the law has much blood on its talons. it’s especially ethical if you don’t have a lasan. between background checks and grease-money, the lasan, leaking from the law’s stained teeth, is what you need, get it maybe never.
anyways, it’s a contrivance, a measure of know-how over a vehicle to transport people in metal boxes when you already carry them in your heart, like your boy who died of a bullet that grazed your chest and entered his.
in Kashmir when you drive without a lasan you drive on the right side of life.
i sleep to dreams of being a young, irascible driver from Maisuma, the invincible artery, throwing stones at paramilitary his happiest past-time (being with a Neruda or a Said is not always the best you can dream), fed on a staple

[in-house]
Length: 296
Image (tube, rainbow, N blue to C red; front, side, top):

diet of an adoring mother’s curses. I am terribly in love and sore from heartache – without a lasan but that is my last worry – probably till I have no money to bribe policemen who catch me every time I stop like a stone unwarranted
outside my beloved’s house, not that she cares. i drive singing to old Bollywood songs and cursing India in the same breath. Wishing every bunker melting away like i believe, without license.
Ather Zia, 2013
Ather Zia, Ph.D., is a political anthropologist, poet, short fiction writer, and a columnist. She teaches at the University of Northern Colorado, Greeley. Ather is the author of Resisting Disappearances: Military Occupation and Women’s Activism in Kashmir (June 2019) and co-editor of Can You Hear Kashmiri Women Speak (Women Unlimited, 2020), Resisting Occupation in Kashmir (Upenn, 2018) and A Desolation called Peace (Harper Collins, May 2019). She has published a poetry collection “The Frame” (1999) and another collection is forthcoming. Ather’s ethnographic poetry on Kashmir has won an award from the Society for Humanistic Anthropology. She is the founder-editor of Kashmir Lit and is the co-founder of Critical Kashmir Studies Collective, an interdisciplinary network of scholars working on the Kashmir region.